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Birds of prey rely on color vision to hunt

"Once we understand how birds of prey perceive their world, we can help to improve efforts to conserve and protect them," researcher Simon Potier said.

By
Brooks Hays
The Harris’s hawk has small eyes but excellent vision. Photo by Simon Potier/Lund University
The Harris’s hawk has small eyes but excellent vision. Photo by Simon Potier/Lund University

Aug. 29 (UPI) -- According to a new study, some birds of prey can detect contrasts between objects at a greater distance than humans -- but only if the object is a different color than the background.

The research suggests color vision is essential to a bird of prey's hunting prowess.

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"It's fascinating. I did not think that color vision would be of such significance, rather that birds of prey simply have better visual acuity than humans and that was the reason they detect objects so early and at a great distance," Almut Kelber, biologist at Lund University in Sweden, said in a news release. "However, color is of considerable importance."

Throughout most of the animal kingdom, larger eyes correspond with higher resolution vision. And larger eyes correspond with larger bodies. Bigger animals, like humans, tend to have higher resolution vision.

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Harris's hawk, Parabuteo unicinctus, is an exception. Vision tests showed humans were better able to distinguish between objects with the same colors, but the Harris's hawk was able to see differently colored objects from farther away.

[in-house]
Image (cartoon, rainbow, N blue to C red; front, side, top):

"It's exciting! The hawk weighs less than one kilo and has small eyes," said Lund researcher Simon Potier. "Nonetheless, it can see many times better than us, even though it is so small and light."

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Scientists tested the birds, sometimes called bay-winged hawks, by having them fly to one of two faraway perches. Color patterns were displayed behind each perch. If the bird flew to the display with uniform color and no grid pattern, the bird received a reward. Once the bird was trained to recognize the uniform color display, researchers moved the bird farther and farther away, until the bird's behavior proved it could no longer distinguish between the uniform color display and the multicolored display.

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Until now, scientists thought color vision was only useful to birds of prey at close quarters. But the latest findings -- published this week in the journal Proceedings of the Royal Society B -- suggest color vision is essential to the long range vision of birds of prey like the Harris's hawk.

Color vision is especially important in forest environments where shadows can easily be confused with prey. Understanding a bird's vision capabilities can allow scientists to better understand how birds interact with the environment.

"Once we understand how birds of prey perceive their world, we can help to improve efforts to conserve and protect them," Potier said.

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